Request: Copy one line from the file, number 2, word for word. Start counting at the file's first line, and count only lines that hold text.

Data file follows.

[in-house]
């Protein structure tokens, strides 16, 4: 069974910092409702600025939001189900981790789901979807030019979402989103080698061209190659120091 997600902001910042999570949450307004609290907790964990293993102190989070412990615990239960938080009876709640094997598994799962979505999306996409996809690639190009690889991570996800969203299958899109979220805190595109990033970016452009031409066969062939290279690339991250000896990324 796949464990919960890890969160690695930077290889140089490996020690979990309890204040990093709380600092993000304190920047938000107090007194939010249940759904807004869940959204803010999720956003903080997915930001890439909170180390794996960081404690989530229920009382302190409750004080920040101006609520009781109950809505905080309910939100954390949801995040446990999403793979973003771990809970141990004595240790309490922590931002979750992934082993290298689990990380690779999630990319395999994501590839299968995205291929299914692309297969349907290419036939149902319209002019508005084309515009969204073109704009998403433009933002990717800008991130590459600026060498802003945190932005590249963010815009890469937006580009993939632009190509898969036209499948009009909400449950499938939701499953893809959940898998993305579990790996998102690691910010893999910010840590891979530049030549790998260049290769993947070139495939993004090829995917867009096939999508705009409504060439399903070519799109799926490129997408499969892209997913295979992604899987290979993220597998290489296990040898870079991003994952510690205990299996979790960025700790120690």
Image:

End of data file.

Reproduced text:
């Protein structure tokens, strides 16, 4: 069974910092409702600025939001189900981790789901979807030019979402989103080698061209190659120091 997600902001910042999570949450307004609290907790964990293993102190989070412990615990239960938080009876709640094997598994799962979505999306996409996809690639190009690889991570996800969203299958899109979220805190595109990033970016452009031409066969062939290279690339991250000896990324 796949464990919960890890969160690695930077290889140089490996020690979990309890204040990093709380600092993000304190920047938000107090007194939010249940759904807004869940959204803010999720956003903080997915930001890439909170180390794996960081404690989530229920009382302190409750004080920040101006609520009781109950809505905080309910939100954390949801995040446990999403793979973003771990809970141990004595240790309490922590931002979750992934082993290298689990990380690779999630990319395999994501590839299968995205291929299914692309297969349907290419036939149902319209002019508005084309515009969204073109704009998403433009933002990717800008991130590459600026060498802003945190932005590249963010815009890469937006580009993939632009190509898969036209499948009009909400449950499938939701499953893809959940898998993305579990790996998102690691910010893999910010840590891979530049030549790998260049290769993947070139495939993004090829995917867009096939999508705009409504060439399903070519799109799926490129997408499969892209997913295979992604899987290979993220597998290489296990040898870079991003994952510690205990299996979790960025700790120690």